Skip to main content




Hit by circuit breaker and tenant restrictions, new mall in Changi still empty 9 months after it was built

SINGAPORE: Across the road from the Prison Link Centre in Changi is a gleaming three-storey building with a modern red and grey facade, sporting elongated, tinted windows that add to its sleek design.

But look into the Liv@Changi mall, located at the junction of Upper Changi Road North and Mariam Way, and you will see there is nothing inside.

The road leading to the mall's car park is lined with red cones. The front doors say "welcome" but are locked shut. A SafeEntry sign is taped on, anticipating an opening that has yet to take place.

The entrance to the mall. (Photo: Aqil Haziq Mahmud)

The mall was granted a Temporary Occupation Permit (TOP) in December last year, its developer Fortune Assets Changi said on Friday (Sep 11) in response to queries from CNA.

But the mall has struggled to attract tenants because of planning restrictions and the COVID-19 pandemic.

Retail sales in Singapore plunged 40.5 per cent year-on-year in April as the coronavirus and "circuit breaker" measures shuttered non-essential businesses.

"Leasing of the retail spaces was affected by the pandemic with the circuit breaker measures implemented in April," Fortune Assets Changi director Keev Tan said.

"Additionally, the planning guidelines restricted certain desired trades, such as cafes and restaurants, which are essential for the mall to draw traffic."

The entrance to the mall's car park has been blocked off. (Photo: Aqil Haziq Mahmud)

The Urban Redevelopment Authority (URA) in February rejected the developer's request to turn six shop units on the first and second floor into restaurants.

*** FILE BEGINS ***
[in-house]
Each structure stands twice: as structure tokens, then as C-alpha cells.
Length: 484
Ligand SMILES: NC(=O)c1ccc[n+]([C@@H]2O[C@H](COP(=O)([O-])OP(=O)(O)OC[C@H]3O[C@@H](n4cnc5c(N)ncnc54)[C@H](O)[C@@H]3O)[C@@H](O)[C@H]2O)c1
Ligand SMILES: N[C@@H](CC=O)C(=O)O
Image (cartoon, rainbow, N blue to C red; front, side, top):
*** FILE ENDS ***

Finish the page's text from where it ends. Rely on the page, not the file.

"The proposed restaurants cannot be allowed, as stated in planning condition (f) of the Written Permission, to safeguard the amenities of the surrounding residents," the URA said in a document seen by CNA.

According to the latest planning conditions issued in March 2019, URA said the mall was not allowed to have restaurants, bars, health centres or nightclubs.


One resident who lives in a private estate nearby said she was looking forward to the convenience of a mall for her shopping needs. 

"I don't know what happened," said the 63-year-old who only wanted to be known as Ms Esther. "Maybe COVID-19 affected it."

Another resident, a 70-year-old who gave his name as Mr Lim, presumed that the mall had run into planning issues.

"I need a supermarket," he said, adding that nearest shops were in Loyang, about 2km or a 15-minute walk away. 

The mall's floors are bare, save for this wooden table and a horse sculpture near the entrance. (Photo: Aqil Haziq Mahmud)

One resident who wrote to CNA said residents have not been updated on the mall's plans going forward. "Looks like a new white elephant mall," he said.

The process of leasing out the retail spaces is ongoing, the developer confirmed, although there is no indication when the mall might open.

"The objective of the mall has always been to provide quality amenities and services to the residents in the vicinity," Mr Tan said.

Source: CNA/hz(ac)


Also worth reading